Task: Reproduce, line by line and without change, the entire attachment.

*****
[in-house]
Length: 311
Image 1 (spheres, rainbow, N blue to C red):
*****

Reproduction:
[in-house]
Length: 311
Image 1 (spheres, rainbow, N blue to C red):